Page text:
Thursday, May 13, 2004

Media Watch

Watch the media in the coming weeks. I've been in journalism for 21 years, and the Abu Ghraib story is the Perfect Storm for writers and editors who like to cloak an editorial jab as a news story.

Here's an example of how it works, from the AP "lawmaker react" story in Wednesday's cycle:

" 'I saw cruel, sadistic torture,' said Rep. Jane Harman, D-Calif., who said some of the images were of male prisoners masturbating."

Now, I presume that howler (such things used to be called "boners," but we'll not go there) is an innocent mistake. But it shows how media reporting of the Abu Ghraib story, and the reaction to it, can be both true and misleading. The nature of the story invites the equivalent of the prison abuse itself: humiliation under the cover of legitimate work.

Two aspects of the story allow this:

1. The initial evidence presented last week, the photos and videos, showed actions that, in themselves, were abusive. In themselves, some of them reminded many people (not only Rush Limbaugh) less of war crimes and more of knucklehead fraternity pranks or "Jackass" routines.

In the context of a prisoner of war situation, even the mildly brutalizing activities depicted crossed the line into torture. But to some civilians not well acquainted with the Geneva Conventions, this was not at first clear. In the context of what the U.S. and its allies are attempting to do in Iraq, the images were tragically destructive. Some people who had pinned their hopes on that mission at first suffered a denial reaction before realizing what they were seeing, and its consequences.

2. The "worst," which Rumsfeld promised us last week, is starting to transpire. Congress members this week saw a whole batch of fresh photos and videos, some of which are said to be much more shocking than the first set -- showing rape, unmistakable torture, and even murder.

Yet this new set is a mix of images -- apparently the Pentagon simply took whole computer and camera disks as evidence, and sat the Senators down for a slide show of everything it found on them, including scenes of U.S. soldiers having sex with one another (not a Geneva Conventions offense) and just plain tourist-type shots of Iraqi scenery.

In addition, spurious images and stories have turned up in media outlets unable or insufficiently willing distinguish Photoshop work from genuine pictures -- the Boston Globe and a German television network both published images that later turned out to be hoaxes.

At the same time, the list of treatments meted out at Abu Ghraib includes some that most civilians would find unpleasant (shuffling food and sleep schedules, creating an anticipation of real violence without doing it) that were sanctioned by the U.S. authorities as within the range of what they believe international law allows. Other things done at the prison, however, left U.S. authorities shocked and revolted.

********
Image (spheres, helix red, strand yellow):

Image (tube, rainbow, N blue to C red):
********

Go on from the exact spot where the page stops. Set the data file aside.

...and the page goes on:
What interests me is that people you see quoted in news stories may be reacting to any one of these aspects, and their quotes may be reported accurately. Yet by juxtaposing their quotes with images or descriptions from another level of the crisis, they can be made to appear as foolish as Rep. Harman looked in the AP paragraph.

And it may not be an innocent mistake. In the AP story, after the Harman graph, the writer (Pauline Jelinek) gives the most graphic description in the entire story, detailing the worst of what was shown -- sexual abuse of women, prisoners forced to commit the most heinous sex acts on themselves and one another, beating, blood.

And this is immediately followed by Tom Delay's quote that, "some people are overreacting. The people who are against the war are using this to their political ends." I'm no friend of Tom Delay, but I don't think he was answering a question like, "what do you think about the reaction to the worst of the worst?"

All along, in this story, people in power or on the sidelines have been reacting to what they've seen; but the list of what they've seen has changed from person to person and over time.

This allows a journalist to do his job of telling the facts of the story, inverted pyramid style, with quotes interspersed to "humanize" it, and at the same time make anyone he chooses to single out look despicable.